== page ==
A US federal court has shut down Wikileaks a controversial website that allows whistle-blowers to post corporate and government documents anonymously. According to a report in PCWorld, the U.S. District Court for the Northern District of California in San Francisco issued an injunction ordering Dynadot, which controls the site's domain name, to remove all traces of Wikileaks from its servers. The court also ordered that Dynadot must prevent the domain name from resolving to the wikileaks.org website and demanded that details of the site's registrant, contacts, payment records and "IP addresses and associated data used by any person...who accessed the account for the domain name" be handed over. Wikileaks used to be at www.wikileaks.org but you won't find anything there now - though the site remains online in other countries, including Belgium, India and Germany.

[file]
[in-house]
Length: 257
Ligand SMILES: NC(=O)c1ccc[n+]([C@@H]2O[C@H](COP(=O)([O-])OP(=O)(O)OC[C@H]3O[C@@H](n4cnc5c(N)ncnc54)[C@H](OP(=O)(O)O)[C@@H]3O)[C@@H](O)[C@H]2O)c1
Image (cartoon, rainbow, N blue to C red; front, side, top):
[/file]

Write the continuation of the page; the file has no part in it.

The court order came because Swiss banking group Julius Baer filed a lawsuit after "several hundred" documents were posted about its offshore activities. Some of those documents, which were allegedly posted by a former vice president of the bank's Cayman Island's operation, allegedly reveal that Julius Baer was involved in offshore money laundering and tax evasion in the Cayman Islands.
Wikileaks was founded in 2006 by dissidents, journalists, mathematicians and technologists from the US, Taiwan, Europe, Australia and South Africa.